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Share to PinterestHow to Build a Terrarium in a Few Simple Steps
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Can You Build Your Own Terrarium? Here's How!

By Staff Writer
Share to PinterestHow to Build a Terrarium in a Few Simple Steps

The houseplant trend is huge right now. If your brown thumb has long had you banned from the plant shop but you love the look of luscious, leafy decor, consider a terrarium instead. Terrariums are a fun, low-maintenance way to add greenery and personality to your home. Make a terrarium yourself with just a few easy-to-find supplies, and customize it to suit your tastes.


Choose your base

The first step in creating your own terrarium is choosing your base. Select a glass container with an opening large enough for your hand to fit through. It is possible to create terrariums with smaller openings, but you may need to use tweezers or other tools to put the items inside. Always make sure your container has been washed and dried before you begin.

Share to Pinteresthands making succulent terrarium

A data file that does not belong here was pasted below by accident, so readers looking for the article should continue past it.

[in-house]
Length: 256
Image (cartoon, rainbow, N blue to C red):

mixetto / Getty Images


Add rocks

Share to Pinterestrocks for terrarium drainage

Terrariums need drainage to prevent the plant roots from rotting or getting too soft. Place rocks in the bottom of your container to allow the water to drain out of the soil. River rocks and aquarium pebbles are two common choices and give you a chance to customize the look of your terrarium.


Add a moss layer

Place sphagnum moss in water and wring out the excess. Spread it across the top of your rocks and tamp it down a bit to press it in place — this will help keep the soil separate from the rocks. Keep in mind that the wider your container is, the thicker your layer of rock and moss should be. Smaller containers need a thinner layer.

Share to Pinterestcorked bottle terrariums
@jansmartino / Getty Images


Add soil

Share to Pinterestair plant terrarium

Now that you've selected the right soil for your plants, its time to add it to your terrarium. Spread a layer thicker than the rock layer over the sphagnum moss. For added interest, the soil does not have to be perfectly flat. You can get creative with this part as long as there's enough soil depth at each point for your chosen plants.


Select your plants

What type of terrarium do you want? The plants you house in your terrarium will determine the type of soil you need. Some common plants for terrariums are spiderwort, golden club moss, starfish plants, and nerve plant. The internet is overflowing with other suggestions. A peat mix soil is best for mosses, while a potting mix with moisture-control will work for most other plants.